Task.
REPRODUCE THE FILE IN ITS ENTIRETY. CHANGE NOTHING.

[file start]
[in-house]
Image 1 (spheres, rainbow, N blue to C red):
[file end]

[in-house]
Image 1 (spheres, rainbow, N blue to C red):